Young cooks cater to their futures

Deli Delights offers students a menu for life, starting in the kitchen

October 31, 2001|By Andrea K. Walker | Andrea K. Walker,SUN STAFF

The best thing David Williams could cook two years ago was toast.

He's since gotten some coaching and has become one of the top cooks at Deli Delights, a Woodlawn catering business. Williams, 20, is even thinking of making a career in culinary arts.

"I wasn't so good at first," Williams said. "But I know now that I can do anything I put my mind to."

Deli Delights is a catering business operated by students with mental disabilities and learning problems, under the supervision of professional chefs.

Five days a week the students, ages 14 to 21, serve up hot chicken wings, fish and chips, and a variety of sandwiches to local businesses. They serve about 150 meals a day.

While running the deli, the students take classes that teach them money management and other basic life skills. The program, run by the nonprofit Youth in Transition School, is aimed at giving disabled students a chance at viable careers. The school's $2.4 million budget is financed by the state of Maryland.

"These are students who will not do all that well in high school, but will have the opportunity to transition into the work force," said Larry Norris, executive director of education for the Youth in Transition School.

Yesterday, six of the students received black-and-white checkered caps. Like belts given in karate, the caps are a sign that the students have been promoted to work in the kitchen.

Williams and Calvin Simpson, 19, also received awards for being the top students in the program.

The students come from the school systems in Baltimore and the surrounding counties. Some have been in trouble with the law and others abandoned by their families.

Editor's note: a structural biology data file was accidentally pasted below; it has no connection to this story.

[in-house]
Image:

Nearly 40 students have participated in the program since its inception two years ago.

While working for Deli Delights, the students learn skills such as how to maintain a clean restaurant, how to wash dishes and how to prep food.

"There's no time limits on these kids," said executive chef James Richardson, the head cook who works with the students at Deli Delight.

"We teach them until they're ready. We want them to be ready for the real working world. We want them to know that when a real boss tells them to do something, there are no second chances. You don't do it and you're sent home or fired," Richardson said.

The deli caters to companies such as the Larry Beck Co. and the National Center on Institutions & Alternatives.

The Maryland Classified Employees Association Inc. uses Deli Delight to cater staff luncheons and board of director and union meetings. The association, which represents state and university employees, uses Deli Delights for about 90 percent of its catering needs.

"It's convenient and it's tasty," said spokeswoman Janet Anderson. "But in addition to the value of the food, it's good to know we're supporting a worthy program that is helping to train these kids."

Graduates of the program have gotten jobs in restaurants and nursing homes, among other places.

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